Sale of sought after technology to Kyiv places Israel in confrontation with Moscow; in unofficial talks with Israeli officials, Washington convinced by Jerusalem’s argument
In an effort to avoid at all cost, Israeli involvement in the crisis between Russia and Ukraine, Israel refused to sell the Iron Dome missile defense system to Kyiv in order not to annoy the Russians.
The Iron Dome missile defense system in operation during the May 2021 fighting with Hamas
Israeli efforts over the summer, took the possible sale of the advanced technology off the table to the disappointment of Kyiv.
The matter demonstrates the predicament Jerusalem finds itself in, since Russian deployment in Syria means the two countries in fact share a border.
The government believes the Biden administration and congressional leaders understand the need for Israel to tread lightly, and exhibit a “responsible and sensitive” behavior, when it comes to supplying its defensive weapon, according to sources.
The Iron Dome missile defense system was developed jointly by Israel with the Pentagon. The agreement between the two nations does not allow for the sale of the technology to third parties without mutual consent.
Its popularity in the wake of the May 2021 military conflict with Hamas, led Ukraine, among others, to desire its purchase.
Kyiv began a pressure campaign on law makers in Washington to facilitate a deal. The Ukrainians also officially requested the U.S. to deploy American patriot missile systems and the Iron Dome in their territory last spring, before a Russian invasion of the country became a real possibility.
The Biden administration and members of Congress from both parties, were inclined to adopt a more aggressive position over Russia’s continued aggressions in eastern Ukraine.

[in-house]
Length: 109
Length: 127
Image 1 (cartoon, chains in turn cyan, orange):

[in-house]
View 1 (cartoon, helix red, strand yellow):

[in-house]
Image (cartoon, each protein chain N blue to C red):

But some in Congress, wanting to exert more pressure on Biden, have included an amendment attached to the 2022 defense bill that would pressure the White House to sell or transfer air and missile defense systems to Ukraine, including the Iron Dome.
“Given the desire and bipartisan recognition that more needs to be done on the integrated air defense front for the Ukrainians, and given some of the administration’s policy decisions towards Ukraine recently, there’s a desire to try and do more to help them than what the Biden team is doing,” said the staffer, who spoke on condition of anonymity, Politico reported last September.
The amendment required the Pentagon to submit a report to Congress outlining options for the potential sale or transfer of “existing systems” to Ukraine.
According to Politico, the U.S. purchased two batteries from the Rafael Defense Industries, that are currently being prepared to be operational next year.
The system is not integrated into the U.S. anti-missile defenses, military sources said in the report.
This placed Israel in a complicated position. It could refuse the U.S. request to supply Ukraine with the technology, or risk confrontation with Russia.
Israel informed the administration in unofficial talks, that it could not agree to such a move given its relationship with Moscow.
Ukraine then approached the Bennett government directly. Ukrainian Foreign Minister Dmytro Kuleba told Kan Public Broadcasting in an interview earlier this month of his governments’ desire to purchase the defensive system as well as their request from the U.S. to receive a Patriot Missile battery.
Washington was convinced by Israel’s arguments and the possible sale was taken off the table.